Why We Need ‘Black Mirror’ Now More Than EverChannel 4
Although the British television show Black Mirror premiered almost three years ago on Channel 4, the series landed on one of the world’s favorite TV-bingeing oases, Netflix, only this month. If there was ever a television program for mainstream American audiences to feel truly left out on, here it was. The Charlie Brooker–created anthology series — which returns with a 90-minute Christmas-themed special, airing Tuesday in England and Christmas night on DirecTV — delves into the darker side of technology in a way that will make you feel guilty for even watching it. But the fandom and praise for Black Mirror indicate we need more television and movies about the dangers of contemporary and future technology, now more than ever.
When Black Mirror made its way to easy online streaming, the show’s die-hard fans shouted in a particularly Black Mirror fashion from their Twitter feeds, blogs, and other dark corners of the Internet, imploring newcomers to watch. Now, “black mirror” might as well be shorthand for the world’s own dismal scrolling and snapping behavior. These past few years have seen the Internet in some of its darkest days. Facebook profiles of the dead linger like digital memorials. Young women have videos of their rapes shared across platforms, their pain mocked on Twitter by strangers. People commit suicide online while others gather to watch. The denizens of 4chan and Anonymous band together to take down any Internet user whom they deem fit to attack. And even when the killing of a man is recorded, uploaded, and shared, the justice system turns a blind eye. Black Mirror appearing again on our own laptops feels like a pop culture ghost coming back to wag a finger at our present. It’s also a warning about our future.
Black Mirror is at its most disturbing when the stories being told feel like they are a keyboard click away. The first episode, “The National Anthem,” centers on Britain’s prime minister and a kidnapped royal princess. Her hostage’s request? The prime minister must have sex with a pig on live TV. The episode might as well be set in our present, shining a revealing spotlight on how we use social media and YouTube to keep up with the most grotesque news.
In other episodes, technology is warped dramatically. In “Be Right Back,” a woman resurrects her dead husband via a program that uses his online data. In “The Entire History of You,” the universal ability to watch all of your memories like a videotape tortures a man who suspects his wife of cheating. Black Mirror deserves its Twilight Zone comparisons, not solely because of its sci-fi-tinged subject matter or anthologized form, but also because Brooker’s show understands that no matter how refined our technology may be, humans can be sad, sickening specimens. We lie and we cheat. We can’t look away from a person in pain. Sometimes we want our own happiness to last forever, even if it lasts on immoral terms.
What does it say about Black Mirror’s success if its scenarios aren’t so far from what we experience now? Perhaps that we’re more disturbing than we want to admit, and it’s not going to get any better. Hollywood churns out sci-fi narratives about what our future will look like, always set far ahead of us — or far enough away to make the worlds of Snowpiercer, Divergent, and Elysium seem as fantastically barren as possible. Even films like The Hunger Games, which is ultimately about rebelling against a deathly reality TV show competition, keep Earth as we know it unrecognizable, coded with complicated new species, districts, and histories.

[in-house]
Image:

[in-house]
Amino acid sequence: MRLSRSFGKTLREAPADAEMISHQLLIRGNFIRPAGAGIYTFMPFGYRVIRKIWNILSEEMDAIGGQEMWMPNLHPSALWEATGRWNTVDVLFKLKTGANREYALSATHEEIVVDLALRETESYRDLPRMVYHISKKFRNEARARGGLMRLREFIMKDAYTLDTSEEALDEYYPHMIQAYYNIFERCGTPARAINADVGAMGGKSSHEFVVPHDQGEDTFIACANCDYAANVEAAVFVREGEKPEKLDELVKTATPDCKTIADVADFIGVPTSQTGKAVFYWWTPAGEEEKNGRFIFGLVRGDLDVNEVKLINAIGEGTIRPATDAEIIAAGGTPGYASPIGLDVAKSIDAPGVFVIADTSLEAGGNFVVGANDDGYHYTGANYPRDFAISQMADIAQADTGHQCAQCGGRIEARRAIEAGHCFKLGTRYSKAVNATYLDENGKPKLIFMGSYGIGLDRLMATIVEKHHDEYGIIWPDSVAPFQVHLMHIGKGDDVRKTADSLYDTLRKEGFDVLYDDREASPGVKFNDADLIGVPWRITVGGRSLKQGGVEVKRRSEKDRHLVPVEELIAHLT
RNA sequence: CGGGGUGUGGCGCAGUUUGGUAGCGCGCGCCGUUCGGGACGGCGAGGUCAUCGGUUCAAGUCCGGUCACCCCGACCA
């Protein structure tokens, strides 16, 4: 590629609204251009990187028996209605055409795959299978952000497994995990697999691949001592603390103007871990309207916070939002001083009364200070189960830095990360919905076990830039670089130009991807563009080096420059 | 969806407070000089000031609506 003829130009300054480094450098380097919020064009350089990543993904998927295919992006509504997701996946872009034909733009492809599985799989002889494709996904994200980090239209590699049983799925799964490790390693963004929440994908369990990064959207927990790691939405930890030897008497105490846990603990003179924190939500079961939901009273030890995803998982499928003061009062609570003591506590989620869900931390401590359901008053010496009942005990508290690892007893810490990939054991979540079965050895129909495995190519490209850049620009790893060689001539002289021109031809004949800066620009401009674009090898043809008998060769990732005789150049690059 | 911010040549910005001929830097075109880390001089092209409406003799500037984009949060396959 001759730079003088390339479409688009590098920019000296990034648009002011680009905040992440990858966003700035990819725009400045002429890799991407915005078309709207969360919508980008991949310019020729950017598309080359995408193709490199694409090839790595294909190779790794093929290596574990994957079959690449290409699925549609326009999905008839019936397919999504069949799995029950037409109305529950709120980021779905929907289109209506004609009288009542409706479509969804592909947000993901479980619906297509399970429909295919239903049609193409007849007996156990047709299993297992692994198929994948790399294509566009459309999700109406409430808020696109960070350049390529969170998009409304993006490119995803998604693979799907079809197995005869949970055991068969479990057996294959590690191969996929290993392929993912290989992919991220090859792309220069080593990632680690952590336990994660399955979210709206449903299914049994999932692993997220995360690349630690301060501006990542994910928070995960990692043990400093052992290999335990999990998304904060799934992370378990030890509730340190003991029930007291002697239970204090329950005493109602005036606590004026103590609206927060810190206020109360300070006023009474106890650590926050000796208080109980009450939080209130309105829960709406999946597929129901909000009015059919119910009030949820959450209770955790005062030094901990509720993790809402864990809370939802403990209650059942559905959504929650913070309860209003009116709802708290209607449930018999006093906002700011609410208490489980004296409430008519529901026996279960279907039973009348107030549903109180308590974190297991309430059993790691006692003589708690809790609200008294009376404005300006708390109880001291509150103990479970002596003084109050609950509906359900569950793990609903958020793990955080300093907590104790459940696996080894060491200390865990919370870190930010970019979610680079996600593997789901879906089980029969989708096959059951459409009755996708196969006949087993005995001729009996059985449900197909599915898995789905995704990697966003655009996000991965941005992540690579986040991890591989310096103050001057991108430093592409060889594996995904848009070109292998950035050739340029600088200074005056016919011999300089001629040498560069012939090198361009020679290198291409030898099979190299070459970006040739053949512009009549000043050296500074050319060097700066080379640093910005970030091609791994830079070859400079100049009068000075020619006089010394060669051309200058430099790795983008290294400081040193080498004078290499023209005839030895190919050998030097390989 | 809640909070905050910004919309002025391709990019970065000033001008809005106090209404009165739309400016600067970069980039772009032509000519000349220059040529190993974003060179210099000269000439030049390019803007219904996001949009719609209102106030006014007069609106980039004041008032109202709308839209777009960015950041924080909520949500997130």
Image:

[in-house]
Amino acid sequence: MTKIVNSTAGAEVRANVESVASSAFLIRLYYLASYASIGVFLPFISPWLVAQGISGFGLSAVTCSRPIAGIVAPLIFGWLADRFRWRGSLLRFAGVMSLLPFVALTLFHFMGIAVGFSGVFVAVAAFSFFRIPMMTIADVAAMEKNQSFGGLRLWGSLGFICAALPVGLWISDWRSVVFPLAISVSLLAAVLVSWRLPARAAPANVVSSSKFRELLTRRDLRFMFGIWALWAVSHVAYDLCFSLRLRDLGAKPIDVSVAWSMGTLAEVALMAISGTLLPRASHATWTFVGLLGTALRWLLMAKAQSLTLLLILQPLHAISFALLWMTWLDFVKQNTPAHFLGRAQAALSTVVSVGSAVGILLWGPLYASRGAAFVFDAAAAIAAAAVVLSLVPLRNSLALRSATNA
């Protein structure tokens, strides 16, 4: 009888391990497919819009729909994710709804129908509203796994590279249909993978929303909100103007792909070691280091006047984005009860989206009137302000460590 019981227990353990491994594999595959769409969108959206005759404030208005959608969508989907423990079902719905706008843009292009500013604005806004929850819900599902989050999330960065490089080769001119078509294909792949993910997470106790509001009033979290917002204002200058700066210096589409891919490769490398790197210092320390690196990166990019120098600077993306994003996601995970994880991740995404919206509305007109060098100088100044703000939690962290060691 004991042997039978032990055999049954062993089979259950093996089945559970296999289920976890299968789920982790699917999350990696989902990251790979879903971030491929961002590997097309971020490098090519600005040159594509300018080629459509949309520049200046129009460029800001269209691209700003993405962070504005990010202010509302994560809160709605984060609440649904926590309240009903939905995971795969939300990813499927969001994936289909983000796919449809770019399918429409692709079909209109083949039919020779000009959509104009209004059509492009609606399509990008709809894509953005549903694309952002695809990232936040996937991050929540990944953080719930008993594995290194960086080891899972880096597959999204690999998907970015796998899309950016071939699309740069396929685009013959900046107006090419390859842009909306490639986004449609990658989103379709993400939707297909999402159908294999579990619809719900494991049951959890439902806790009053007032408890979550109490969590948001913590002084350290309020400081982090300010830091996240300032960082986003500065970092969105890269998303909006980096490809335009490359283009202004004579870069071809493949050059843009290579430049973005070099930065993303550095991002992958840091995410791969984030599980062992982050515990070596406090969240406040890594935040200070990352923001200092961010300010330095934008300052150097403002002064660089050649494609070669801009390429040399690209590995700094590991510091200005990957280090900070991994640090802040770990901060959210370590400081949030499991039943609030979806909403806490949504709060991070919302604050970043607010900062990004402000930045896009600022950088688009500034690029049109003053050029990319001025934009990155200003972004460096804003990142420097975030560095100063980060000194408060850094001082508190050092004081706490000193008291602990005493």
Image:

Black Mirror’s “Fifteen Million Merits” episode, a story about humans who power an unnamed source by riding on exercise bikes, and who can escape their enslavement only by appearing on a tacky X Factor–type show, falls flat among the show’s other segments for this reason. Black Mirror cuts deepest when viewers feel literally at home in its scenarios. Sure, humans will pine for natural resources in the distant future, but they will always want access to the secrets, pain, and love of other humans. For as long as the Orwellian Big Brother has existed, surveillance narratives have woven themselves into dystopian cultural products. But Big Brother’s eyes got tired a long time ago, leaving our own to take over, glued to the screens of our many feeds.
Sometimes the most disturbing piece of sci-fi tech a film or show can offer is not a robot or an organ-harvesting clone, but the iPhone in the palm of your hand. Black Mirror has proven this. Maybe it’s time the rest of sci-fi media catch up. Of course, some films in the past decade or so have explored the plausible dangers of technology. 2002’s Minority Report tinkered with a future in which law enforcement can predict crimes before they happen, 2005’s Hard Candy was a vigilante story in a post–To Catch a Predator age, the demented VHS tape of The Ring brought the deadly phone calls, and the computer heartbreak in last year’s Her, which echoes Black Mirror’s “Be Right Back,” felt like a long time coming.
There are a wealth of dystopian-tinged sci-fi stories to tell about what humanity will do with technology and the Internet that don’t involve death matches, complicated robotics, and wide shots of desecrated monuments buried under sand. Considering we use our cell phones, our computers, and our social media accounts every day of our lives, movies and television shows about how these things can turn on us should soon become the norm and not the exception.
Hazel Cills (@hazelcills) is a writer living in New York who has written for Rookie, BuzzFeed, Pitchfork, and more.